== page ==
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Application and Analysis of the Extended Lawrence Teleoperation Architecture to Power Hardware-in-the-Loop Simulation

Title: Application and Analysis of the Extended Lawrence Teleoperation Architecture to Power Hardware-in-the-Loop Simulation.
Name(s): Langston, James, author
Edrington, Christopher S., professor directing dissertation
Vanli, Omer Arda, university representative
Steurer, Michael, committee member
Roberts, Rodney G., committee member
Faruque, Md Omar, committee member
Florida State University, degree granting institution
College of Engineering, degree granting college
Department of Electrical and Computer Engineering, degree granting department
Type of Resource: text
Genre: Text
Doctoral Thesis
Issuance: monographic
Date Issued: 2018
Publisher: Florida State University
Place of Publication: Tallahassee, Florida
Physical Form: computer
online resource
Extent: 1 online resource (182 pages)
Language(s): English
Abstract/Description: Power hardware-in-the-loop (PHIL) simulation is a technique whereby actual power hardware is interfaced to a virtual surrounding system through PHIL interfaces making use of power amplifiers and/or actuators. PHIL simulation is often an attractive approach for early integration testing of devices, allowing testing with unrealized systems with substantial flexibility. However, while PHIL simulation offers a number of potential benefits, there are also a number of associated challenges and limitations stemming from the non-ideal aspects of the PHIL interface. These can affect the accuracy of the experiments and, in some cases, lead to instabilities. Consequently, accuracy, stability, and sensitivity to disturbances are some of the most important considerations in the analysis and design of PHIL simulation experiments, and the development of PHIL interface algorithms (IA) and augmentations for improvements in these areas is the subject of active research. Another area of research sharing some common attributes with PHIL simulation is the field of robotic bilateral teleoperation systems. While there are some distinctions and differences in characteristics between the two fields, much of the literature is also focused on the development of algorithms and techniques for coupling objects. A number of disparate algorithms and augmentations have also been proposed in the teleoperation literature, some of which are fundamentally very similar to those applied in PHIL simulation. While some of the teleoperation methods may have limited applicability in PHIL experiments, others have substantial relevance and may lend themselves to improvements in the PHIL application area. This work focuses on the application and analysis of a teleoperation framework in the context of PHIL simulation. The extended Lawrence Architecture (ELA) is a framework unifying and describing a large set of teleoperation interfacing algorithms. This work focuses on the application and analysis of the ELA to PHIL simulation. This includes the expression of existing PHIL IAs in the context of the ELA, derivation of relevant transfer functions and metrics for assessment of performance, the exploration of the implications of the transparency requirements, and the exploration of new IAs supported by the ELA which may be well suited to the particular characteristics of PHIL simulation.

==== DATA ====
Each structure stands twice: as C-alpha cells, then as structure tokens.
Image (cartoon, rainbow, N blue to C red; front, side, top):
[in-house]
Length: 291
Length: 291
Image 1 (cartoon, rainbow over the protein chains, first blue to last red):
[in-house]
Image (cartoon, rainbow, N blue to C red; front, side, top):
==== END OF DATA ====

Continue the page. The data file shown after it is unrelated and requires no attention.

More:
Identifier: 2018_Sp_Langston_fsu_0071E_14321 (IID)
Submitted Note: A Dissertation submitted to the Department of Electrical and Computer Engineering in partial fulfillment of the requirements for the degree of Doctor of Philosophy.
Degree Awarded: Spring Semester 2018.
Date of Defense: March 9, 2018.
Keywords: Power Systems, Simulation
Bibliography Note: Includes bibliographical references.
Advisory Committee: Chris S. Edrington, Professor Directing Dissertation; Omer Arda Vanli, University Representative; Michael Steurer, Committee Member; Rodney G. Roberts, Committee Member; Md Omar Faruque, Committee Member.
Subject(s): Electrical engineering
Persistent Link to This Record:
Host Institution: FSU

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Langston, J. (2018). Application and Analysis of the Extended Lawrence Teleoperation Architecture to Power Hardware-in-the-Loop Simulation. Retrieved from